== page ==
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ICP-MS Analysis Suggests Metal-Binding Proteins Significantly More Abundant Than Thought


This story originally ran on July 21.

By Adam Bonislawski

A study published in this month's issue of Nature suggests that metalloproteomes – the full collection of metal-containing proteins in an organism – may be significantly larger and more diverse than previously thought.

Combining liquid chromatography with inductively coupled plasma mass spectrometry and tandem mass spectrometry, researchers at the University of Georgia, the Scripps Research Institute, and the Lawrence Berkeley National Laboratory demonstrated that the metalloproteome of Pyrococcus furiosus is likely at least twice as large as was thought, Michael Adams, professor of biochemistry and molecular biology at the University of Georgia and first author on the paper, told ProteoMonitor.

The results suggest that metal-binding proteins – considered a fairly mature field of study – are more significant and less well-characterized than previously assumed, Adams said.

"That's one of the main messages to come out of this – metals play a much more dominant role than we thought," he said. "Traditionally metals have tended to be almost an afterthought. That's to say, people are focusing on a particular enzyme and they purify the enzyme and then find it contains metal. There are some really good stories in the literature of people working with enzymes for decades without even knowing there was a metal present. So the metalloprotein literature is based mainly on what people have found after the event."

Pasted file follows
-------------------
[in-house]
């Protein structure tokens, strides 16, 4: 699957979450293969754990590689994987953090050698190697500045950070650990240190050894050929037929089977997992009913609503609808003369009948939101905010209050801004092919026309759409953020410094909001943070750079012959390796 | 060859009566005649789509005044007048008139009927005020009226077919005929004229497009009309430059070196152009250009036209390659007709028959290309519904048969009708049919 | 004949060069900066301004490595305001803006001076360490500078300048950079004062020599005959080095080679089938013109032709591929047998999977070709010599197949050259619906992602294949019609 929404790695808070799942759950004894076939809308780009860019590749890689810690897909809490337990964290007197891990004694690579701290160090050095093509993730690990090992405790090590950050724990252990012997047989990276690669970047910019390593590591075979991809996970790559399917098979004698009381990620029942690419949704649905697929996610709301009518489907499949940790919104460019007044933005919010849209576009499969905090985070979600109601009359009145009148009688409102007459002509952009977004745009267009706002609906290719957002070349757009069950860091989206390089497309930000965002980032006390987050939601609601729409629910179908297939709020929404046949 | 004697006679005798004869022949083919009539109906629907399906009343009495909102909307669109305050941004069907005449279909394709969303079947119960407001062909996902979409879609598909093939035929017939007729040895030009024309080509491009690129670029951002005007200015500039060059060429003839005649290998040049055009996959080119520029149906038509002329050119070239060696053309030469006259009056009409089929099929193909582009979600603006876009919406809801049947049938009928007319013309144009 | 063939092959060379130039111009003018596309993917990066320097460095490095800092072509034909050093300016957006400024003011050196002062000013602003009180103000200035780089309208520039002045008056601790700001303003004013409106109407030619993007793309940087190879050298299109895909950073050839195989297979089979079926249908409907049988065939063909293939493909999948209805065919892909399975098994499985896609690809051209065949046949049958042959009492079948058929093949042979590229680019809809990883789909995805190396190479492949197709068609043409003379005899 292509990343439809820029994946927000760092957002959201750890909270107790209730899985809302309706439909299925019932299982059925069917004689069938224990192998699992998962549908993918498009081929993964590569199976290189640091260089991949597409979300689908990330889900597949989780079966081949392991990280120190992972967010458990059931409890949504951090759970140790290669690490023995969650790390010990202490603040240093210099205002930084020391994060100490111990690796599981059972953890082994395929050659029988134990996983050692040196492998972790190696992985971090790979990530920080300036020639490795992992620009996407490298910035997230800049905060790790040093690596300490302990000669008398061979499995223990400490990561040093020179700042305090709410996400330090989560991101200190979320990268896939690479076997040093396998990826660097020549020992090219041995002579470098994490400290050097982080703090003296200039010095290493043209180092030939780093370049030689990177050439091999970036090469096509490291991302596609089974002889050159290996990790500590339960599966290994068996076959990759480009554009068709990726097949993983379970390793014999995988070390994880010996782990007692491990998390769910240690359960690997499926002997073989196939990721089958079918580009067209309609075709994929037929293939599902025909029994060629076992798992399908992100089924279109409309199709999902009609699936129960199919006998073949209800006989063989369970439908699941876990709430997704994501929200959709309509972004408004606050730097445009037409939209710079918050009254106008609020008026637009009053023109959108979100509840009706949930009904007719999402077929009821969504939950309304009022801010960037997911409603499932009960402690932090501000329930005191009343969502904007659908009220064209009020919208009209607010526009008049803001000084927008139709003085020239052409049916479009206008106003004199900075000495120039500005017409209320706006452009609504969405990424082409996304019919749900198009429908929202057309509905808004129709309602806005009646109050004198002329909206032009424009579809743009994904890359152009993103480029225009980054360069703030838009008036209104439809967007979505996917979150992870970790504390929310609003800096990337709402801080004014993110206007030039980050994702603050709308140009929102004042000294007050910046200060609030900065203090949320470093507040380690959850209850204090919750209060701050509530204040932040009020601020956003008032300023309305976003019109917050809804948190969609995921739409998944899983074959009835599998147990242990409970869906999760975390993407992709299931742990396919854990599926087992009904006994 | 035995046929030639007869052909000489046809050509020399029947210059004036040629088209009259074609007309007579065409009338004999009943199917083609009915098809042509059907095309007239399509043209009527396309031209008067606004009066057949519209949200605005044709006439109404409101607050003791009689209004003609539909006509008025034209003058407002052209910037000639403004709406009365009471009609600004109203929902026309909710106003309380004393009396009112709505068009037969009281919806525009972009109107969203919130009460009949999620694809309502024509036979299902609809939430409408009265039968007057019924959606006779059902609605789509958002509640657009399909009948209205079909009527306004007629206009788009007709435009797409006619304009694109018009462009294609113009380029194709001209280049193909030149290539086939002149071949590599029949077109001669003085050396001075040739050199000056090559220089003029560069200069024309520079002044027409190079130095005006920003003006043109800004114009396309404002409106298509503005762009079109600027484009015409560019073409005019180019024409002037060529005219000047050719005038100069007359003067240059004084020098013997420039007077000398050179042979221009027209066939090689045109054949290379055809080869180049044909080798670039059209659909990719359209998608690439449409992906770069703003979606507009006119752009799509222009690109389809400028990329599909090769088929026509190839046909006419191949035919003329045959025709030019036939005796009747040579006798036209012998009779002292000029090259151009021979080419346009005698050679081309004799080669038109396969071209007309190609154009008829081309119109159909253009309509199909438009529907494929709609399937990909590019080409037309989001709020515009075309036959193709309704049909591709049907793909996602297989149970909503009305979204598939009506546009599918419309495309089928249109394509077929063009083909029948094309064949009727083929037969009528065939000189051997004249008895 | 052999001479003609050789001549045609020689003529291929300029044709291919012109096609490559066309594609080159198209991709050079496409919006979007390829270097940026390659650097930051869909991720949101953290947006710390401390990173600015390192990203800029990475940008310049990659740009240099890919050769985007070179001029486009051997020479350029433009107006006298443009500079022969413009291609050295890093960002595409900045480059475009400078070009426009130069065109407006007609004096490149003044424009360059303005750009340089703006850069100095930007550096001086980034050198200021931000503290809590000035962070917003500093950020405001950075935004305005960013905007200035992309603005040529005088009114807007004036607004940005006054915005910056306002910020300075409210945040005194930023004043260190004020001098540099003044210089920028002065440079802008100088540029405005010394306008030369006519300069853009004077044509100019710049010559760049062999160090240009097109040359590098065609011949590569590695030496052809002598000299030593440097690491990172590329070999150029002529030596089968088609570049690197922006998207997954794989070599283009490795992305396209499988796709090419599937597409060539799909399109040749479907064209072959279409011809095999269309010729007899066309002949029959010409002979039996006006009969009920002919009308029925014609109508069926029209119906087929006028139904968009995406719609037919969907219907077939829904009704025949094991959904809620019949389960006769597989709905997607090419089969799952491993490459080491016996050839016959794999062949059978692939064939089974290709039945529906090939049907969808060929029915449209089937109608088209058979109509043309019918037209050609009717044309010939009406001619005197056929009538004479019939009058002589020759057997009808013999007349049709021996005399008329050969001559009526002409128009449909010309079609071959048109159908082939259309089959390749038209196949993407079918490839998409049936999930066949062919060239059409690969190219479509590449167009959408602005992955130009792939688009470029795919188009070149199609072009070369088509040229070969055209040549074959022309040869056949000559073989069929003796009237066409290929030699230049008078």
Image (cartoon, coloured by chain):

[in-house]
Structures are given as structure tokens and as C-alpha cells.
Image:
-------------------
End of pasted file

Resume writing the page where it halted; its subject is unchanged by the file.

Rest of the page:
In the study, the scientists approached the question from the opposite direction, first analyzing metals found in the cytoplasm of P. furiosus using liquid chromatography and inductively coupled plasma mass spectrometry and then attempting, via tandem mass spec, to determine what proteins these metals had bound to.

Proteins containing five metals – cobalt, iron, nickel, tungsten, and zinc – had been previously purified from P. furiosus, but Adams and colleagues found a total of 21 different metals in the microorganism's cytoplasm, including lead, titanium, and uranium. Of these 21, 18 were found as part of macromolecular complexes as opposed to as free ions.

To determine if uptake of the unexpected metals was the result of a biological function as opposed to inadvertent assimilation, the researchers put the samples through an anion exchange separation. After the separation, they identified ten metals taken up by stable cytoplasmic metalloproteins, five of which – molybdenum, manganese, vanadium, lead, and uranium – were not previously known in P. furiosus.

They then put these samples through second-level chromatography, ending up with 790 fractions that ICP-MS analysis revealed to contain a total of 343 distinct metal peaks. Of these 343 metal peaks, 158 didn't match any predicted metalloprotein, with the five metals previously known to be present in P. furiosus accounting for 83 of the unassigned peaks, and the five previously not known to be present accounting for the remaining 75 unassigned peaks.